What constitutes "business use"


#1

I want to fly between my employers several locations in the midwest, instead of driving. My employer will not allow this - preferring I spend 10 hours in a car instead of 3 hours in an airplane (Cirrus SR20). My position is that it is NOT flying for business - anymore that my driving would be driving for business. It is simply a mode of transportation. I am not compensated to fly - and I only plan to fly myself - no other execs or employees. Their obvious concern is liability should an accident occur. I’m not even asking for flying expense reimbursement - rather, I would put the standard vehicle milage on my expense report. It’s worth it to me to save the time and be more productive.

Any thoughts or perhaps actual situations anyone can cite to help me convince them? Should something happen, would the courts agree that this is “flying for business”?


#2

For me, in my prior job working for the gubment, the gubment’s position was exactly like yours. I got to use my plane for “commuting” and I was re-imbursed based on privately owned airplane rates (POA $1.08 per mile) vs privately owned vehicle (POV was 48 cents per mile). My longest trip on a regular basis by car was about 5 hours one way, in my Sundowner, was 1.25 hours one way, so in my case, time is money.

I did have to do a cost comparison for my shorter commutes to be sure it was cheaper for the gubment to pay me to fly my own airplane vs staying overnight, per diem and car mileage. For my longer commutes, it was a no brainer, it was invariably cheaper for me to fly by about $75.00 per trip, plus I got to sleep in my own bed that evening.

I think though with private companies, there may be a “liability” issue that makes them balk at you using your airplane for commuting purposes. At least in other aviation forums where this comes up, seems that the word liability, workers compensation should something happen and insurance always crops up in discussions of this nature.

I do know if an accident happened during the commute whether it be by car or by plane, and it was “work related” (not to and from home OUTSIDE your working hours) then workers compensation will be the primary payer as you are flying (or driving) for business (not in a commercial license sense but a commuting sense).

Allen


#3

Simplistically, how would they stop you?

Unless they’re willing to fire you over the matter, ignore them. How is their liability any greater if you die in a plane crash than in a car crash? It’s not.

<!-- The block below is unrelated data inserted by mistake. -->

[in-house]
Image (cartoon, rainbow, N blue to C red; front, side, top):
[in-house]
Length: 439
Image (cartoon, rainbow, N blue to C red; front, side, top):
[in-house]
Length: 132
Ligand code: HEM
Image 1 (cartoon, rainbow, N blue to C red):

It’s not flying for business, it’s simply transportation.

But, don’t fall into the trap of “Just drop this widget mold off at the chief engineer’s office in the Moline plant when you get there”.


#4

There are a few things you can do. First is to add your company as a “named insured” on your aviation insurance policy (it’s free). Second is to meet with the head of risk management (or whoever makes these decisions about employee risks to your company) and discuss what his/her real concerns are. You can also offer to sign an waiver agreement waiver claims of liability against them for aviation accidents that happen when you travel on business. My experience is that it is mostly fear of the unknown, with a dash of ‘small airplanes are inherently dangerous’, that risk managers are responding to. You might point out that many companies routinely fly people on business in small planes, and not just corporate jets. If you can get them comfortable with you and your safety record, you may be able to convince them to allow you to fly.


#5

All good advice and very helpful - thanks guys!

Re: JHEM’s comments - I agree - Having been on board for only 6 months - and reporting to the President/CEO - I’m trying to play by the rules for now. However, I can’t rule out “flying to visit a friend - who just happens to live in the same city as our remote facility”. Ironically, I suddenly have “friends” in all the cities where we have plants. :slight_smile:

Again - thanks!


#6

Doesn’t sound like you would have this problem, but running afoul of FAR 135 needs to be looked at.


#7

They do have one legitimate issue. If you fly your plane on business and crash it into a retirement home, there will be several litigators looking around for deep pockets. They will quickly go after the insurance company and you personally. Then, if they figure things out, they will say, “Oh, he was flying on business, let’s go after the company too. If not for the company, this would not have happened” The jurors watching the parade of crying relatives who just lost their beloved (so why was she in the retirement home and not living with them?) grandmother may decide that the faceless company can help make these suffering people feel better by giving them a bunch of the company’s money.

No, it is no different if you crash your car into the retirement home while driving somewhere on business, but the perceived risk of an airplane falling out of the sky is higher.


#8

But the perception of increased risk doesn’t change the potential liability one iota!

For the OP, it’s far easier to ask forgiveness than to receive permission. (R Adm Grace Murray Hopper, USNR)


#9

If it’s strictly for “commuting” where would 135 come into play?

He was going there no matter what, and from what all I understand, if he was going there anyway, not being paid for flying.

At least that’s how I perceived it for my situation (and what pesslinger asked) when I commuted office to office.